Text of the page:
In Ouigi Theodore’s ideal “meet cute” scene, a conversation is struck when a woman notices the corozo buttons on a guy’s checked popover shirt. The guy was never aware of the buttons, made from tropical palm seeds—he just knows he bought the shirt at this small shop in Brooklyn because he liked how it fit. Button talk begets a shared love of civil rights documentaries, Mary Ellen Mark photographs and travel aspirations to Gascony. Five years later, they’re married and best friends—all because of that one shirt he bought at The Brooklyn Circus.
“Clothing for me is always about creating a platform for dialogue,” explains Theodore, who created and owns that very store and lifestyle brand (often shortened to BKc) in Boerum Hill. “It’s the same way I feel about art: it’s bigger than these beautiful canvases and clothes—it’s so much more about what’s happening in the world; it’s social commentary.”
At this point, Theodore should be credited as a seminal architect of the Brooklyn aesthetic. He’s been a magnet of street style blogs since their nascency, often photographed wearing an ascot, tweed newsboy cap, or leather apron, should things get messy. He’s a staple of Scott Schuman’s blog The Sartorialist, designated a go-to tastemaker by New York magazine’s The Cut and was described by The New York Times in 2011 as having “the coolly detached verbal patter of a hipster—that is, in the 1940s daddy-o sense, not the 2011 Williamsburg sense.”
It’s true that Theodore’s look is based on historic vignettes (he majored in history at Stony Brook University), but the BKc proprietor is anything but detached. He’s earnest, warm and comfortable in his skin, particularly on a Sunday morning, dressed in a white short-sleeved oxford and green military pants (both BKc), silver rings, an orange knit cap and his characteristic beard distinguished with flecks of grey. “I decided to make clothes and sell clothes, but I love people more than anything,” Theodore says. “My method is through clothing because it warms my heart to hear people speak about what the brand means to them.”
And the physical store on the corner of Nevins and Bergen Streets, open since 2006, is the launching spot to do that. Theodore’s taste is everywhere: bottles of Brooklyn gin signal masculinity, a tufted green couch lends comfort, and—just in case you thought it was only about aesthetics—worn copies of Up From Slavery by Booker T. Washington, Crisis in Black and White by Charles E. Silberman, and Passage by Irving Penn line the register. (Theodore, in his free time, belongs to an all-male book club; he’s trying to convince them to go co-ed.)
“The world should be able to see American culture for all of its layers and understand the complexity of every layer. That’s what inspires me.”
— OUIGI THEODORE
Front of house thrives on PF Flyers high tops (a 75-year-old, New Balance-owned brand that Theodore partnered with to revitalize), cotton varsity jackets, t-shirts by Lady White Co., and grey suede loafers by Art Comes First. The back half of the space—redesigned this year as a gallery—houses portraits of creative Brooklyn duos, shot by John Midgley and styled by Scott Newkirk (with Theodore on creative direction), plus a glass display case holding Max Poglia knives, Sweettrade wallets and vintage watches from the 1960s and ‘70s.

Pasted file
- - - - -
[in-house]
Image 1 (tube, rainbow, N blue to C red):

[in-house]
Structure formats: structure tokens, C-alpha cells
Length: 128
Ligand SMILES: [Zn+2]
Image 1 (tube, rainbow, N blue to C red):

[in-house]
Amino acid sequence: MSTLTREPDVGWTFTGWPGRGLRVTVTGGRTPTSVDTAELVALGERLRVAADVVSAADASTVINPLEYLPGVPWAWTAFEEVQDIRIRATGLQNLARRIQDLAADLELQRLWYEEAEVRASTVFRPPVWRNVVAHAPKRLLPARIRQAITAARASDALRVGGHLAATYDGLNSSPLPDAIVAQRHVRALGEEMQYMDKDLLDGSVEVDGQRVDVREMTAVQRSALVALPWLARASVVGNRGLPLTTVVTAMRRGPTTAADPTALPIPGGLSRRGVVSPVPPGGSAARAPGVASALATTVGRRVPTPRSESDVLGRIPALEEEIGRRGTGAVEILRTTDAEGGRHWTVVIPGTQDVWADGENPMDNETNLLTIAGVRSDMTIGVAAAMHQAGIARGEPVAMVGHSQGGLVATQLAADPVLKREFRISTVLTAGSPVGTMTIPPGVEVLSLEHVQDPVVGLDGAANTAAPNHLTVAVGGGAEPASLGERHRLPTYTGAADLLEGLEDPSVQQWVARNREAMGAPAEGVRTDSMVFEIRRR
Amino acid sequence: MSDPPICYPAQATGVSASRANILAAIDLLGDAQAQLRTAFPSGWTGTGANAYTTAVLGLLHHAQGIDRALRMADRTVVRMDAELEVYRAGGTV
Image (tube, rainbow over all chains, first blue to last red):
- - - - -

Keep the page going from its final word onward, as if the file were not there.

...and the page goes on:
“Brooklyn Circus is the physical portfolio of what’s in my heart,” Theodore explains. “Every so often, I get to a point where it’s like there’s a lot going on and how do you say the same amount of things in less words? That’s what the gallery is about.”
A former full-time graphic designer who grew up loving clothes—not fashion—with four sisters in Brooklyn’s Crown Heights neighborhood, Theodore’s influences are broad. Early on, it was his Haitian grandparents and their antique jewelry and artifacts; in high school at Brooklyn Tech, it was the way Spike Lee monetized his films with merchandise. And of course, there is Ralph Lauren’s American sportswear empire.
“He is the epitome of the American dream,” Theodore says of Lauren. “Also Thom Browne, because he took American culture and reappropriated it. But I’m also heavily inspired by vintage, anything from the 1960s back. The civil rights movement was very important for me in how American culture shifted. When I got to college, this whole world of American culture was open to me, and I’m constantly inspired by history, film and culture.” This idea of refining American culture through clothing is paramount to Theodore. “The world should be able to see American culture for all of its layers and understand the complexity of every layer,” he says.“That’s what inspires me.”
Theodore’s editorial instinct has fans in all parts of the world; a modelish couple from Montreal stops in to his store, as they do every visit to New York. “I saw this beautiful black man on The Sartorialist years ago, and thought, ‘Who is this? I have to find out who he is,” says the gentleman. “To me, this store represents the essence of what Brooklyn used to be. Now it’s getting more touristy.”
Theodore is unfazed by the effect of Brooklyn’s evolution on his brand. His hope is for future stores in Crown Heights and Bedford-Stuyvesant, and to continue to pair with brands to produce his flood of creative ideas.
“I’m a big advocate of embracing change, but making sure that we give ownership and credit to the people who suffered through the crack epidemic and stuck with it and still wave Brooklyn with pride,” he says. “The intersection of Bergen and Nevins is important for me because it’s in the middle of $2-to-3 million brownstones, with Wyckoff Street and Gowanus Houses [one block west]. In the store, we may have a photographer who shot for Bergdorf and the guy from church, who works as a super, but who also gets super dapper on a Sunday. It’s that mesh.”